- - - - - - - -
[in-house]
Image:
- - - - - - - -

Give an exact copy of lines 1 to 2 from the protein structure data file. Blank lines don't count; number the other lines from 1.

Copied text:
[in-house]
Image: